Mutual Respect

by Angela Kubinec

Melody's husband, Jim, has broken four chairs by sitting in them.  Two chairs were in a restaurant, which holds a special irony.  She envisions similar future embarrassments.  Melody consoles herself with the fact that he is too small for the circus, the toilet has not yet broken, and she is an expert stain remover.  Al-Anon principles rule her life, and she is able to see that his illness is one for which his desire to change is the only pathway to a cure.  Her friends marvel at her ability to separate herself from his behavior, and her restraint from talking about his plight.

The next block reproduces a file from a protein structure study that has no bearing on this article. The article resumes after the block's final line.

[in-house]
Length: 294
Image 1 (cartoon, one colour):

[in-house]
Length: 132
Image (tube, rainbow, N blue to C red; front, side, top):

Jim's wife Melody was out of work on sick leave for six weeks, prior to being determined disabled, in an effort to stabilize her delusional behavior.  Her psychiatric relapses have occurred frequently in the past.  She was arrested once in a disturbance over a parking space, and he does most of the shopping now.  He sees her unpredictability as a symptom rather than a weakness, and accepts that medication is not always effective.  His friends respect the way he is gentle with her, while not making excuses for her.  Jim is not secretive, but he discusses her problems with a quiet objectivity, only when absolutely necessary.

But recently, in an uncharacteristic argument, Jim told Melody he was sick of her attitude.  Melody told Jim she was tired of being embarrassed by his appearance.  Then, relieved to have cleared the air, they peacefully returned their way of living.